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A new study, co-funded by Dementias Platform UK (DPUK), has found that hearing loss increased the risk of a precursor to dementia called mild cognitive impairment, but this increased risk is not present in people who wear hearing aids.

hands holding a hearing aid in an older person's ear

The study investigated the risk of cognitively healthy people developing mild cognitive impairment (MCI). It found that hearing loss increases the risk of MCI, but that hearing aid use significantly reduced this risk.

Dr Sarah Bauermeister, DPUK researcher, said:

 

'Our findings provide compelling evidence in support of hearing aid use, but we now need clinical trials to objectively measure hearing aid use in the context of dementia to establish a causal link. We also encourage other researchers to incorporate hearing aid usage as a confounding factor when analysing changes in cognitive function.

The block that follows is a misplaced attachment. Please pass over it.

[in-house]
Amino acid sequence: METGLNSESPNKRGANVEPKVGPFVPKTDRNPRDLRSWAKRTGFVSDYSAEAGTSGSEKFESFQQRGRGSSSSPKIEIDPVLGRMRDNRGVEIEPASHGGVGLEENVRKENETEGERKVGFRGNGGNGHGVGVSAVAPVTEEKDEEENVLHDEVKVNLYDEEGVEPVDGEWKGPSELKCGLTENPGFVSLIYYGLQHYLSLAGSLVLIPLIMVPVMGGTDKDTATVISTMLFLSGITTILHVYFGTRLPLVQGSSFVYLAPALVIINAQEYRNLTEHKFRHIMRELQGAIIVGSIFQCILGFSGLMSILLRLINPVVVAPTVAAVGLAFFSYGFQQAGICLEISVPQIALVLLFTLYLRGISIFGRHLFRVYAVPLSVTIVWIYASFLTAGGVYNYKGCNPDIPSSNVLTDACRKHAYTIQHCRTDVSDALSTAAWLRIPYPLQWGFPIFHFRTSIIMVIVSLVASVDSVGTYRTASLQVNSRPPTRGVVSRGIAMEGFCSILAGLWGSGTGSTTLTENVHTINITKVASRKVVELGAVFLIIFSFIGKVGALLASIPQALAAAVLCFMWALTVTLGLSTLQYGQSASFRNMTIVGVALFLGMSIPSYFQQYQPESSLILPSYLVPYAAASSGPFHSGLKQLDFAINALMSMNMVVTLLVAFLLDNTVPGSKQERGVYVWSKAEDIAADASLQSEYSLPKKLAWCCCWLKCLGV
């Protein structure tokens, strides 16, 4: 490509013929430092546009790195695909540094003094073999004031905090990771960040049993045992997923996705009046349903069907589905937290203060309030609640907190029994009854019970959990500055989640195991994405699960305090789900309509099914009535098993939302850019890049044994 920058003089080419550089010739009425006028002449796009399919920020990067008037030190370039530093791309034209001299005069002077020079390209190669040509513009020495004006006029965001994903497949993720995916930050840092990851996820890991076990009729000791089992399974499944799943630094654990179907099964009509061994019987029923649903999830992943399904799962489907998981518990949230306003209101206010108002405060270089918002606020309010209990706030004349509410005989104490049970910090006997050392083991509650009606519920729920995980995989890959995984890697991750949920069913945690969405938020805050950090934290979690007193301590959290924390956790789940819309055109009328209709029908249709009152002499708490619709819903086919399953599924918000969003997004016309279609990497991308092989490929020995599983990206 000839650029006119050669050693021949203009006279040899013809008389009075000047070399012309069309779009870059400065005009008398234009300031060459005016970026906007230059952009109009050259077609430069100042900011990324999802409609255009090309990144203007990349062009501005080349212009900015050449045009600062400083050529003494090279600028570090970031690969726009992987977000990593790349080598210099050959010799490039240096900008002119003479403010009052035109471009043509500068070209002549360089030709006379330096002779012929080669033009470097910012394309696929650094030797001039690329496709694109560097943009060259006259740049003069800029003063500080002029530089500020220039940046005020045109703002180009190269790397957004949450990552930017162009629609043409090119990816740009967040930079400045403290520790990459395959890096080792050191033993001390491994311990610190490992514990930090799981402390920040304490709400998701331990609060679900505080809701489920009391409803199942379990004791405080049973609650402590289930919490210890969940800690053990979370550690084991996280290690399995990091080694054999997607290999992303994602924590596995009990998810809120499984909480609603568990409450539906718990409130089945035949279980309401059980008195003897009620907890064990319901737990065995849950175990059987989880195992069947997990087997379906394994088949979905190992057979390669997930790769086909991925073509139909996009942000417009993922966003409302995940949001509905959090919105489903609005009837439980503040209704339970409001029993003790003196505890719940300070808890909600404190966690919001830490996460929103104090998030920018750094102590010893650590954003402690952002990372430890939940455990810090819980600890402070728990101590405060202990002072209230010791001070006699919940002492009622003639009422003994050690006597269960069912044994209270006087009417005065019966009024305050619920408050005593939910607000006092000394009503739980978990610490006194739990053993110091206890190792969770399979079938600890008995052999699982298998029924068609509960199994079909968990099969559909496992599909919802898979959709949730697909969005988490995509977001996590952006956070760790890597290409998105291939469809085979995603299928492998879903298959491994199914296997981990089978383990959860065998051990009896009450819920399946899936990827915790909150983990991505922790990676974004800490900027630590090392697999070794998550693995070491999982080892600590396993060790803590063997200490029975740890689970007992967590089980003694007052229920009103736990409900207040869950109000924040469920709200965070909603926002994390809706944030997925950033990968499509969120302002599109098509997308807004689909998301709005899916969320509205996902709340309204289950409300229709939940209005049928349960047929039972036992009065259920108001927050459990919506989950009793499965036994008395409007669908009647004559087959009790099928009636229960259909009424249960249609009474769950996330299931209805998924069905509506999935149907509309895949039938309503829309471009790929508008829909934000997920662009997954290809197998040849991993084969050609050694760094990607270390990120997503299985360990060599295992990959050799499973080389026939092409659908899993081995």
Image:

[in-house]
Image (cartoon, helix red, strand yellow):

This study is published in the journal Alzheimer's & Dementia: Translational Research & Clinical Interventions, it is the first to investigate the link between hearing aids, cognitive decline, and progression to MCI in cognitively health people.

Read more about the research study on the DPUK website.

Read the full study, The impact of hearing impairment and hearing aid use on progression to mild cognitive impairment in cognitively healthy adults: An observational cohort study.

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